Depleting soil nutrients through frequency and timing of hay cutting on floodplain meadows for habitat restoration and nutrient neutrality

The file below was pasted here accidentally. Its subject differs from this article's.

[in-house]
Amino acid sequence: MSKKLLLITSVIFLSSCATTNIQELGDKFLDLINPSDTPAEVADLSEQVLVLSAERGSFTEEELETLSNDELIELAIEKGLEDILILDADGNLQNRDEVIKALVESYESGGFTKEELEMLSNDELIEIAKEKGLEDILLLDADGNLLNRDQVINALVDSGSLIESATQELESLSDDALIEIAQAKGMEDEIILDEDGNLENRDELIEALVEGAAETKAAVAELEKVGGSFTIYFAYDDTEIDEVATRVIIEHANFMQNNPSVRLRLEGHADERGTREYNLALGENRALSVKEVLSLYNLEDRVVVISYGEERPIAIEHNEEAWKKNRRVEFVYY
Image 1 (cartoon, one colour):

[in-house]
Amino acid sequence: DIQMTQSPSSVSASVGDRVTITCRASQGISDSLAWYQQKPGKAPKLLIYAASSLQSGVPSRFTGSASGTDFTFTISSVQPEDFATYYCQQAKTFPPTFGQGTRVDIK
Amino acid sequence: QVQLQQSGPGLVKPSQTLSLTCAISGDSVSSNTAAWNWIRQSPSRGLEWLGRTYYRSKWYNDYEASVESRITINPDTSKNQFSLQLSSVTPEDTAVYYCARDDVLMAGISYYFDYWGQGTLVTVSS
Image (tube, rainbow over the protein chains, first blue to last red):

Floodplain meadows are an ancient part of our agricultural landscape in Britain and Europe that provides not only food and fodder, but also essential services such as flood prevention and carbon storage. Their high level of biodiversity is shaped by the annual cycling of nutrients through the deposition of nutrient-rich river sediments, which adds nutrients to meadow soils, and haymaking, which takes nutrients back out. In the Hay Days project we looked at how the timing of haymaking on floodplain meadows in central England can change how fertile this agricultural land is and how much biodiversity it can support.
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